Happy ever after?

Leadership is not that simple. Blake has a participative style that increasingly wins support from Business gurus. It fits nicely, for example, with the Sloan leadership model. This model reminds us that no leader is perfect, and it is a strength not a weakness to acknowledge that. On the other hand, shareholders invest for returns, not leadership theories. Home Depot may now have enlightened leadership. Will it achieve improved results before another leader departs, this time with a less generous golden goodbye?


BA Turbulence: Sick workers … sick leadership?

January 22, 2007

British Airways is facing a potentially damaging Union dispute, with strike action threatened over the coming weeks. The dispute contrasts the newer participative leadership and classical industrial relations battles. Increasingly, sick workers are being associated with sick leadership stories, as Walmart is also discovering.

The context is a familiar one. BA operates in one of the most competitive global market sectors. The business pressures for the traditional carriers have been accentuated by the success of cut-price rivals, increased political interest in the ‘carbon footprint’ of air travel, operating costs, and costs of financing pension arrangements.

Over some unpleasantly bumpy progress in recent years, the company has been addressing these problems. There have been shifts in leadership, but the one-time tag The world’s most popular airline now seems to have distinctly ironic echoes.

Indicators of the company’s concerns have been recent negotiations to come to terms with its pension commitments, and efforts to address productivity losses resulting from what the company attributes to excessive levels of absenteeism.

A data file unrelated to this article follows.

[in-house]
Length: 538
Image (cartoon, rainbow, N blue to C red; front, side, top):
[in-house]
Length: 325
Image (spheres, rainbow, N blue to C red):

The sickness sickness

In recent years, absenteeism has been studied both from economic and behavioural standpoints. The former approach draws on traditional industrial relations measures of ‘sickies’, and is inclined to focus on days off per year per employee. The vocabulary is that of malingerers, and of a sickness culture. The behavioural standpoint draws on the more modern human resource approach.

For many workers (and not a few academic researchers), this is regarded as a relabelling rather than a revolution in the culture of the workplace. What should be noted in this case is that BA has been a leading advocate of workplace participation, and motivational methods for many years. It has invested heavily in its management and leadership training .

Yet, the current debate still has echoes of an older confrontational ‘us versus them’ culture.

Sick workers, sick buildings … sick leadership?

There has been various non-economic explanations of what was simply lumped under managerial terms of malingering and absenteeism. Ideas of psychologically damaging environments (sick buildings syndrome) have been studied. ‘Sick buildings’ may have clear and identifiable dimensions. but may also be more as symptom of wider issues. Sick buildings may be an indicator of sick jobs.

This at some level will connect with organizational leadership. In time, the matter will become a threat to effective operation.

The PR difficulties of Walmark at present might be cited in this respect. Its leadership decisions are monitored closely and discussed through various pressure groups via the internet.

This week, for example, the company introduced some leadership changes. One headline was ‘Walmart promotes executive who warned of sick workers’.

BA and Walmart alike increasingly have to consider the dynamics not just of sick workers, but what in their actions can be accused of being sick leadership.